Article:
Off to Clapham Picture House to have a meeting with Chuk Iwuji, who we're hoping will take part in The Robben Island reading the Purcell Room on the 3rd July.
Chuk has an impressive Shakespearean CV. He played Henry VI for the RSC a few years back and was Buckingham to Kevin Spacey's Richard III at The Old Vic last year. It'd be a real bonus to have him in board. We showed him the script and Matt talked in broad terms about the project, whilst I focused on the cuts and the new shape that we've brought to the material.
Chuk was full of questions, but seemed very taken with the way in which Shakespeare provides a subtext and resonance for the stories of the prisoners on the island in the seventies. In a way the play tells the story twice. Once as a verbatim documentary and then again by borrowing the Shakespearean passages chosen by the men.
We talked in general terms about accents, sense of place, sense of character and the difference between a Shakespearean actor tackling the text and a group of political leaders being led by the words themselves.
For my money I think it important we don't 'act' the men acting Shakespeare, but rather use the experience and technical skills of the cast to allow the texts to speak. I think we can rely on the audience to use the description of the men's struggle to provide a context and bring new understanding and readings to these often familiar passages.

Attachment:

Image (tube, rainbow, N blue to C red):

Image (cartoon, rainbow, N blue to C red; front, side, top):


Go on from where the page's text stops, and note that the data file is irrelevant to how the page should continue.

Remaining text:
The text is still one draft away from being finalised and this will only happen once we've got all three actors confirmed. Chuk went away to have a proper read and will let us know in a couple of days.
A rare sunny afternoon so a proper cycle home up to Putney and then all the way along the river to Ham.
Mark is the Academic Director of the Drama Programmes at St Mary's University in Twickenham. He has worked internationally as a theatre director and educator for the past 15 years, focused mostly on youth, community, and conflict resolution work.
As a lecturer Mark taught at Goldsmiths College, Coventry University and was Head of Performing Arts at Canterbury College prior to joining St Mary’s in 2006.
His Professional directing credits include Henry V (One of US?) and Valhalla for RSC Education; The Wind in the Willows, Jack Cade, The Red, Red Robin for Sevenoaks Playhouse; Tender Souls, The Quality of Mercy and Playhouse Creatures for the Ambassadors Theatre group.
Mark is a director of subVERSE Theatre company for whom has directed fringe premieres of Chief, Dinnertime and OxfamC**t at Theatre 503.
Site specific work includes Purka and Shadow on Icelandic volcanoes and Novocento with students from the University of Genoa.